Angels could be described as discarnated persons that have an interest in the welfare of someone else in the physical world, and can be called upon for guidance and healing. They have physical bodies that are not of flesh and blood but are rather of a metaphysical or “spiritual” nature. They are usually not visible for human beings, but with much effort they would be able to show themselves as a shimmering, translucent form. Angels are mentioned in the Old and New Testament of the Bible, the Tanakh and the Qu’ran. They are often described by scribes as non-physical beings who can assume a humanlike body that could appear like a shining and flickering fire.
Eloah (or Eloha) is the singular form of the plural word “Elohim”, and would translate to “God”, or “Godly being”. It had been used in the Tanakh and the Bible, especially in the more poetic chapters; At six places it is used to describe “pagan” gods (like in Chronicles 32:15 and Daniel 11:37-8), though in the most cases it is used to refer to the “God of Israel”, known in the Tanakh as Yaweh (YHWH) and Jehova (JHVH) in the English and Greek Bible. Eloah also doesn’t specifically refers to a male being because this word is both male and female in the language of Old Hebrew.
The story from the Biblical book Exodus also strongly suggests that the old Israelites were familiar with more gods besides the God of Israel. They actually sung the following during the crossing of the Red Sea (Exodus 15:11):
“Who is like you, O LORD, among the gods?
Who is like you, majestic in holiness,
awesome in glorious deeds, doing wonders?” – Exodus 15:11
The Mesopotamian Dieties
By comparing the texts of the book of Genesis, like the stories of the sons of God, the Deluge and the confusion of tongues (the Tower of Babel story), with the Mesopotamian myths, one should note these stories are not only very similar but also that there is the mention of multiple gods instead of one. The ancient Mesopotamian people knew, like the old Greeks, a whole pantheon of various dieties where each of one had his/her own place within the hierarchy. Like the Greek gods, the Mesopotamian dieties were not seen as the creators of the world but as the almighty rulers of a world which was already in existence.
Today many researchers believe that the mythical gods were invented by man himself. This is because scientific conclusions are often based on tangible evidence, but how can one find evidence for beings that were not physical by definition? Many writings and other testimonials of various ancient cultures share a similar basis where a certain chief god commands a pantheon of “lower” gods (or angels): a certain small seperate group group of individuals here on earth who – to the more simple human beings – seemed to have supernatural powers and actively influenced mankind, animals and the rest of nature. Apparently, who they really were had never been fully explained and it is probable that ancient man also would not had been able to fully comprehend this. (Enoch’s writings about his visitations to the various “heavens” under the guidance of angels actually raises more questions than answers because of his limited frame of reference.) From his written dialogues, it is evident that the Old Greek philosopher Plato considered the stories about the Greek gods seriously because part of his philosophy was about them.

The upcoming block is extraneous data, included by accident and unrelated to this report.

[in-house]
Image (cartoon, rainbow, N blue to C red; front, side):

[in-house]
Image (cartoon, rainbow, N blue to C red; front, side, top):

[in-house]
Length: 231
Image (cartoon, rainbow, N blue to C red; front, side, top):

The Mesopotamian gods existed of gods of the earth which were known as the “Anunnaki in Sumerian and the “Anunna” in Akkadian cultures, who were also called the “fifty great gods”, and the gods of the sky or the heavens: the “Igigi”, who were the so-called: “lesser gods”. At times the names of Anunnaki and Igigi were used synonymously, what could mean that the Igigi were actually part of the Anunnaki. In the Babylonian myth of creation; the “Enuma Elish”, the god Marduk (who triumped over his father Enlil) divided the Anunnaki and assigned them to their proper stations; three hundred in heaven and three hundred on the earth. This also gives an impression of the number of “gods” or that would have been present on and nearby earth.